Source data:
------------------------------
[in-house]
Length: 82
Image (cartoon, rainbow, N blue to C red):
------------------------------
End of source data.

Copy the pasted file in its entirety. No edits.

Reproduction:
[in-house]
Length: 82
Image (cartoon, rainbow, N blue to C red):